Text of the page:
Although narration had originally been removed in 2009, by 2014 van Vuuren realized that a sparse narration was necessary for the film. This amounted to 5 pages and about 1200 words in total. After listening to many voice actors one stood out and he asked LeVar Burton (Star Trek: The Next Generation) to be the narrator for the film.

The culmination of these elements, plus a lot of hard work, has resulted in something that is essentially more than a film. Like Kubrick’s 2001 which inspired him, van Vuuren has crafted an experience of what it may by like to drift through the far reaches of space to the planet that has always been the physical embodiment of his childhood fantasies. And I for one am grateful he stuck to his guns and made a movie that, even though it’s not a tale from a galaxy far, far away, it is the universe at its most wondrous…

B Movie Glory: Gunmen

Gunmen is one of those sleazy, inconsequential pieces of shizz you’ll find on TBS Superstation (I’m aware that channel’s shelf life expired over a decade ago) at like 2am, full of guns, tits, dust, sweat, double crossing and whatnot. It’s a fun one because sometimes I’ll bring it up in conversation and say “the one where Patrick Stewart is in a wheelchair” and people will be like “yeah, X Men”, and I’ll say “no the other one” with a straight face and watch how confused they look. Heh. It’s a Mario Van Peebles flick, an actor I could never get that excited about, but it’s also a Christopher Lambert flick too, a guy I’ve always inexplicably loved, like a scrappy lost puppy that just won’t go away. I don’t remember the plot so don’t even ask, I’ll just spark-note it in bullet points: guns. DEA. South America. Violence. Incomprehensible storyline. Shootouts. More guns. One thing that was cool was Denis Leary as a psychotic arms dealer, gunning down a ten year old girl’s parents in cold blood and than calmly reassuring her, “trust me kid, you’re better off without them.” Yeesh. He plays Armour O’Malley, lieutenant to drug baron Patrick Stewart, which leads to predictable bad blood, and so it goes. Peebles and Lambert are a DEA agent and a weirdo smuggler on the run from all the crazy dudes I just mentioned above. It’s trash though, and as I type I’m recalling a scene where Lambert is ploughing a chick in some whorehouse and she begs for more, but he sweatily laments in that horrendous accent of his, “there is no more!!”… Then two seconds later Peebles busts in and kidnaps him at gunpoint. You know your flick has abandoned plot for cheap thrills and gotten so stuck in B movie quicksand that not even AAA can snag you out when that happens. That’s about all I remember, I was way too stoned to soak in all the cheaply rendered exploitive excess when I watched it way back when, I wish you the best of luck though!!

-Nate Hill

Making Epics and eating Subway with Patrick Stewart: An Interview with Shahin Sean Solimon by Kent Hill

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There is a filmmaker working in Hollywood right now, who is out to show the big boys that you don’t need hundreds of millions of dollars to make the movies you want to make. Shahin Sean Solimon is the man behind the movement. Together with his talented group of like-minded artists, he is forging new waves to achieve epic results without the big budget price tag.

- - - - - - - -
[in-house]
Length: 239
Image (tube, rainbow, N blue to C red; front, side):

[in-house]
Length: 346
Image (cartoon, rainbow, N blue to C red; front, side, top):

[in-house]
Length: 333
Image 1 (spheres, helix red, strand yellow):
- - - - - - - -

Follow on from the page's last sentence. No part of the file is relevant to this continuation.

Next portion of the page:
“If I inspire some thirteen year old kid somewhere to pursue his or her dreams as I have, no matter what the nay-sayers say, I’ve done my job.”

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And getting the job done is exactly what Shahin has been doing.  Beginning with his first feature Djinn, Based on ancient middle eastern fairy tales written thousands of years ago, and passed down from generation to generation, Shahin crafted luscious, fantastical realms along with a pure and moving tale love and destiny.

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With his second film he took it to the next level, conjuring the days of high adventure and summoning cinema which brings to mind the heady days of Ray Harryhausen with: Sinbad: The Fifth Voyage. When the Sultan’s first born is taken by an evil sorcerer, Sinbad is tasked with traveling to a desert of magic and creatures to save her. Add into this the talents of Patrick Stewart (X-Men, Star Trek: The Next Generation), who offered his distinct vocal styling as the films narrator. He also turns out to enjoy Subway, but you’ll have to listen for more on that.

Now, for the next big thing. In his third feature Alpha: The Awakening, Shahin is tackling the sci-fi and post-apocalyptic genres with one mighty stroke. It is the story of a man, Apollo, who wakes up in the future to realize the human race has been wiped out because of an ancient virus.

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There seems to be no end to his creativity or his ability to realize his visions. I thoroughly enjoyed chatting with this talented filmmaker who is, without a doubt, taking the bull by the horns and making the movies he wants to make.

“My inspiration as an artist is not about money, or fame…but about trying to project imagination, show a different perspective of life, and simply entertain.”

And entertaining us is what he has done and will, I believe, continue to do.

20,000 Leagues of Cinema and Literature: An Interview with C. Courtney Joyner by Kent Hill

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C. Courtney Joyner is a successful writer/director/novelist. He was a zombie in a Romero movie, he hangs out with L.Q. Jones and Tim Thomerson, he was once roommates with Renny Harlin and made the breakfasts while Harlin got the girls. It makes me think of Steve Coogan’s line from Ruby Sparks, “how do I go back in time and be him.”

Truth is we are the same in many instances. We’re just on different sides of the globe and one of us is in the big leagues while the other is at the scratch and sniff end of the business. But we both love movies and fantastic adventures. We both wrote to the filmmakers we loved long before the director became celebrity. We both longed for more info from behind the scenes – long before such material was in abundance.